U.S. Supreme Court
Wells, Fargo & Co. v. Nevada, 248 U.S. 165 (1918)
Wells, Fargo & Company v. Nevada
Argued November 14, 1918
Decided December 16, 1918
248 U.S. 165
Under a Nevada law providing only for an ad valorem tax on property, a state board valued the tangible and intangible personal property used within the state by a foreign express company at so much for each mile of its line employed there in local and in interstate commerce, and an assessor, in listing the part within his county at the valuation per mile so fixed, inaccurately characterized the property as consisting of the right to carry on an express business. Accepting as conclusive that his action must be construed under and controlled by the state statute and the action of the board, as decided by the state court, held that the tax was not on the privilege of engaging in interstate commerce, but on the property in the county. P. 248 U. S. 167.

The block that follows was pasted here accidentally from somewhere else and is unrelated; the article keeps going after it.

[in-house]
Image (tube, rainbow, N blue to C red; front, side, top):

In an action to enforce the tax, if the valuation was excessive and burdensome to interstate commerce, the company, under Nevada Rev.Laws, 1912, § 3664, was entitled to prove the facts and secure a reduction, but, in this case, it failed to do so. P. 248 U. S. 168.
A tax is not wanting in due process, even if the valuation is originally made ex parte, if it is enforced only through a judicial proceeding affording notice and opportunity for full hearing. Id.
38 Nev. 505 affirmed.
The case is stated in the opinion. chanroblesvirtualawlibrary